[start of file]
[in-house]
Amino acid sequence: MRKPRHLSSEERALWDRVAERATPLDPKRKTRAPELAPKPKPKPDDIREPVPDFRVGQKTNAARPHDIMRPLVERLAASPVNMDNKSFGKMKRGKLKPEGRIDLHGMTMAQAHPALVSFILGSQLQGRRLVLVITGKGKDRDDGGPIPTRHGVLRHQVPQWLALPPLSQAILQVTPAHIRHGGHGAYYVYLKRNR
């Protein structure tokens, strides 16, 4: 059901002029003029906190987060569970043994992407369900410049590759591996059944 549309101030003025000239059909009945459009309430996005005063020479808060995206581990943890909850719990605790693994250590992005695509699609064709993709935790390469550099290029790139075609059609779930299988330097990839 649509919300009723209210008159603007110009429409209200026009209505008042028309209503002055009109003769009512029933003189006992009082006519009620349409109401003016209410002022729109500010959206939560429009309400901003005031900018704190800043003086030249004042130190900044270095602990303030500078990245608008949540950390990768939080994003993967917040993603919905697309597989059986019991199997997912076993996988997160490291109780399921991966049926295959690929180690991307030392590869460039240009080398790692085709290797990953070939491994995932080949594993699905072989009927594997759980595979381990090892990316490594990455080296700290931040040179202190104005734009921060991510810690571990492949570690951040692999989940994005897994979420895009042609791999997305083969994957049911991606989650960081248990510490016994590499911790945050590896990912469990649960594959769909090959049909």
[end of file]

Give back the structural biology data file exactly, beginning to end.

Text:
[in-house]
Amino acid sequence: MRKPRHLSSEERALWDRVAERATPLDPKRKTRAPELAPKPKPKPDDIREPVPDFRVGQKTNAARPHDIMRPLVERLAASPVNMDNKSFGKMKRGKLKPEGRIDLHGMTMAQAHPALVSFILGSQLQGRRLVLVITGKGKDRDDGGPIPTRHGVLRHQVPQWLALPPLSQAILQVTPAHIRHGGHGAYYVYLKRNR
């Protein structure tokens, strides 16, 4: 059901002029003029906190987060569970043994992407369900410049590759591996059944 549309101030003025000239059909009945459009309430996005005063020479808060995206581990943890909850719990605790693994250590992005695509699609064709993709935790390469550099290029790139075609059609779930299988330097990839 649509919300009723209210008159603007110009429409209200026009209505008042028309209503002055009109003769009512029933003189006992009082006519009620349409109401003016209410002022729109500010959206939560429009309400901003005031900018704190800043003086030249004042130190900044270095602990303030500078990245608008949540950390990768939080994003993967917040993603919905697309597989059986019991199997997912076993996988997160490291109780399921991966049926295959690929180690991307030392590869460039240009080398790692085709290797990953070939491994995932080949594993699905072989009927594997759980595979381990090892990316490594990455080296700290931040040179202190104005734009921060991510810690571990492949570690951040692999989940994005897994979420895009042609791999997305083969994957049911991606989650960081248990510490016994590499911790945050590896990912469990649960594959769909090959049909």